The Self Worth Diet must weigh in on the latest little controversy regarding model, Ashley Graham’s, “plus size” swimsuit cover for Sports Illustrated. I reported on my blog how great it was for Sports Illustrated to feature real women on the cover of their famous swimsuit issue. I was also holding my breath for some flack regarding the cover.
And the flack came in the form of former model, Cheryl Tiegs. I will quote what she said on E! “I don’t like that we’re talking about full-figured women because it’s glamorizing them because your waist should be smaller than 35 [inches],” she said. “That’s what Dr. Oz said, and I’m sticking to it. No, I don’t think it’s healthy. Her face is beautiful. Beautiful. But I don’t think it’s healthy in the long run.”
Tiegs couldn’t be more wrong. A study published in the International Journal of Obesity found that body mass index (BMI) is not a reliable way to measure someone’s health.
Who made Cheryl Tiegs the expert on the way women should look?! She won the genetic lottery. A dangerously thin model does not represent health, wellness, or how most women in America look. It’s because of women like her and the beauty industry that we have these unattainable standards for women.
And, I wouldn’t trust anything that comes out of Dr. Oz’s mouth. He’s a snake oil salesman! This is the doctor that was brought before Congress to testify that the weight loss products he touts on his show are actually weight loss scams. Senator Claire McCaskill who grilled Dr. Oz became my new hero.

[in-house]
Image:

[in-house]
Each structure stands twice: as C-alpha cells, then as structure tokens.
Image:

Just because you’re considered “plus size” doesn’t mean that you’re unhealthy. These are old and outdated ideas that we have about health. I’m not plus size, I’m considered “normal” but not for Los Angeles, the shallow capital of the world, I’m considered obese.
I can tell you that at my current weight I am healthy and happy. I don’t diet but I eat organic and exercise. According to Cheryl Tiegs I would be considered unhealthy when I’m actually in the best health of my life.
Since Tieg’s idiotic comment she has apologized on Twitter: “My sincere apologies to everyone I have hurt. I truly just want everyone to be healthy & happy.” It seems like a backhanded apology to me. She is still equating being thin to being healthy and happy. But what do you expect from a woman who bases her happiness on being pretty and thin. Happiness as I have always said is an inside job.
I will leave you with a quote from Dr. Michelle May, R.D., founder of Am I Hungry? Mindful Eating Programs and Training. “What Tieg tells us is that when we try to assess a person’s health simply by looking at them, we’re going to make major mistakes. You can’t—and shouldn’t—judge a woman’s health by how she looks in a swimsuit. Case closed.”